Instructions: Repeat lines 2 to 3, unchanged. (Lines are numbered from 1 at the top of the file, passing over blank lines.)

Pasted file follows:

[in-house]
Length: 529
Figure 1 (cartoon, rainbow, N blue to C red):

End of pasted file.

Length: 529
Figure 1 (cartoon, rainbow, N blue to C red):